21

As I write this entry, the time is moving dangerously close to midnight (by the time I finish, it will be much later). And every second passed brings me closer to being another year older. Or as one of my younger friends so kindly put it tonight, to being “not old, but ancient.” Thanks. Just as when driving down the interstate, I am approaching the “Now leaving 21” sign which is followed by the “Welcome to Almost Old Age” sign. Eek.

But as my wise younger sister Rascal so aptly said, “Age is but a number.” And that’s the case here. Heck, I’m 24 in Korea (they count differently). And if I were born on Leap Day, I would only be 5 years old. So it’s all relative, right? Right.

However, at least culturally speaking, birthdays are important. They signify the end—and beginning—of chapters in this wonderful little non-fiction book known as “life.” As such, I thought it would be beneficial to take a moment to pause and recognize respectfully my 21st year of life as it swiftly passes into memory. As I contemplated this post, I wondered about the best way to go about this. Should I write a narrative? That could take me until my next birthday to finish, and I know your attention span (nor mine) is that long. So, after much ado about nothing, I decided that a list would be the ideal method. So here it is: (drum roll, please)

Steffi’s Amazing, Wonderful, Fantastic (etc) 21 Life Lessons as a 21-Year-Old

(Not in any particular order)

1)      Ryan Air waits for no one. In fact, they kind of enjoy leaving people behind. So get to the airport with time to spare, even if that means taking an overpriced Slovakian taxi.

2)      Austria is not Germany. Germany is not Austria. Enough said.

3)      Nutella is addicting.

4)      Passports are important. Especially when going to Croatia from the EU.

5)      Euros are not Monopoly money. Don’t be fooled by their pretty colors or funny shapes.

6)      Ziploc baggies are one of God’s greatest gifts to mankind.

7)      Sometimes hitchhiking is necessary. If possible, do so in Ireland.

8)      In absence of a bandaid, a sock and rubberband can serve the same function. Especially when one’s finger is bleeding profusely.

9)      Always email or call your parents. They like knowing that you’re alive. Crazy, I know.

10)   When in doubt, take a picture. Even if it’s inconvenient or seems annoying. It’s worth it.

11)   Oftentimes, things don’t turn out like you plan. But don’t stress; they usually turn out even better.

12)   Smiles are powerful.

13)   Korean food can be very spicy.

14)   Always carry tissues. You never know when toilet paper may be a privilege rather than a right. The same goes for hand sanitizer.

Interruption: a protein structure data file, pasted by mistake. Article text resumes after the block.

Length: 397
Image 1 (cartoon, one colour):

15)   Fifty-pound suitcases are heavy. And they become heavier when carried over long distances. And up multiple sets of stairs. But where there’s a will, there’s a way.

16)   Chai tea lattes are like heaven in a cup. I’m not exaggerating.

17)   A good night’s sleep can make all the difference.

18)   You can’t do everything, but you can put your everything into what you do.

19)   It’s not what you’re doing or where you are; it’s who you’re with that matters.

20)   Adventures are best when shared.

And finally, the big 2-1….

21)   Life in meant to be lived. So live it. Every day. To the fullest.

It seems so simple, doesn’t it? So basic, so natural, so intuitive. Like that’s the way we were made to live. But it’s so easy to fall into the trap of mediocrity, at least it is for me. I forget how exciting and awesome and wonderful this adventure called “life” truly is. I get stuck in ruts of frustration and potholes of discouragement. Yes, mood swings and emotions are part of the human experience, and we all have  them. But they are meant to be temporary rest stops on this road trip of life, not camping grounds. How do we break free of them?

Awhile back, someone told me that much of our lives has little to do with what actually happens, but rather how we think about things. Our attitudes and our thoughts are more powerful than we usually realize. Once we understand this, we can choose the way we think, and in turn, affect how we live our lives. Nifty, eh?

So my challenge to you (and to myself) is this: View life not as an obstacle, but as an adventure. Sure, adventures include their fair share of obstacles, but part of the fun comes with rising to meet those challenges and conquering them. Look for the positive, for the good things, because life is chock full of them; we usually just don’t take the time to notice. Be thankful. Tell people you care about them. Don’t leave things unsaid. Don’t just complain about things; change them. Live your life on purpose. And you’ll be amazed at what a difference it makes.

On one of my last days in Graz, I stumbled upon a bit of graffiti that stopped me in my tracks. (Of course I took a picture of it–See Lesson #10). It captured concisely and succinctly what I have been trying to say:

“Love Life. Live Love.”

That, my friends, is what God calls us to do. Love and enjoy the life He has given us, and to live out His love in everything we do. That’s my prayer for myself, as I embark on my 22nd year, and for you wherever you are. Embrace the adventure. And live.

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